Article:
Suppose people agree that symbol X represents Y, where Y could be a person, or a group of people, a place, or a group of places, or perhaps Y is just some abstract idea. Whatever Y is, the point is that while some may be more fond of Y than others are, people agree that symbol X represents it.
However, attitudes can change over time. Often, a way to express that attitudes towards Y are tending further towards contempt is to symbolically destroy at least one version of symbol X.
In real life
, this was a major aspect of the destruction of the Berlin Wall
, and of the toppling of statues.
Insignia Rip-Off Ritual
and Monumental Damage
are both subtropes of this. See also It's All Junk
, where something that once had sentimental value to a character is destroyed by them to signify it losing it.
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Anime and Manga
- In Tengen Toppa Gurren Lagann, a crowd pulls down the enormous statue of Kamina during a period of social instability caused by the impending destruction of Earth. This is likely a reference to the Lenin-statue-toppling example from real life.
- In Fairy Tail, at one point during the "Lucy vs. Flare" fight in the Grand Magic Games arc, Flare adds insult to injury in the eyes of the Fairy Tail mages watching by threatening to burn Lucy's hand in such a way as would disfigure her guildmark. This bites her hard later on because it constitutes insulting Fairy Tail in front of Laxus.
- V destroys the statue of Justice in both the comic and film of V for Vendetta.
- This◊ Superman cover is a villain-against-hero example.
- In the middle of Knightfall, when Commissioner Gordon finished an inconclusive and frustrating argument with the Anti-Hero Substitute Batman, he struck the Bat-Signal out of anger, leaving it cracked but not destroyed.
- Sometime before Knightfall, Gordon's wife Sarah gets into a heated exchange with Batman on the station roof. After he leaves, a livid Sarah pulls out her gun and puts a bullet square in the center of the Signal (though as with the above example, the bullet didn't shatter it).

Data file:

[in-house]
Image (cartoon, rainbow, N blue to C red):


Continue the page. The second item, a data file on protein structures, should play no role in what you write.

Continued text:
- In a Superman story arc where he is trapped in four different time period realities, the Superman of the Golden Age era smashes a giant Nazi symbol after he had saved it from toppling right on top of the crowd during a Nazi rally headed by the Atomic Skull.
- In an Elseworlds story featuring the Green Lanterns set in a Nazi-controlled world, John Stewart upon gaining control of the Green Lantern ring destroys a Nazi symbol on top of a building and replaces it with the Green Lantern symbol.
- The opening scene of The Mask of Zorro has a peasant climbing a flag pole during a riot in order to rip down a Spanish flag.
- The page image is from towards the end of The Dark Knight, when the bat-signal was smashed with an axe. This moment is after Batman said he would take the blame for Harvey Dent's murders; it's implied that people are smashing the bat-signal to symbolize their increasing disapproval of Batman. This is a somewhat unconventional approach to this trope, seeing as how rather than portraying it as destroying the symbol of a villain, it is instead destroying the symbol of a hero who is (willingly) being mistaken for a villain.
- In the finale of Return of the Jedi, the Ewoks are using stormtrooper helmets for percussion. in the Special Edition, we get a view of Coruscant where a statue of the Emperor is pulled down.
- At the end of This Is England, Shaun takes the St George's flag given to him by the nationalist gang leader and hurls it into the sea following his Broken Pedestal moment.
- V destroys the statue of Justice in both the comic and film of V for Vendetta.
- The Sound of Music - at least in the film adaptation, Captain von Trapp starts tearing up the Nazi flags hung outside of his house once he's decided that he doesn't want anything to do with them.
- The climax of the Trucking strike in F.I.S.T. is when F.I.S.T. tears down the Consolidated Trucking sign.
- In Sewer, Gas & Electric, Dufresne's eco-pirates have a hideout in a replica Nazi submarine base hidden under the Statue of Liberty (long story). When they took possession of the site, Jewish techno-genius Morris Kazenstein blew the swastika out of the clutches of a giant eagle statue, using a magnetic rail-gun that fires kosher salami.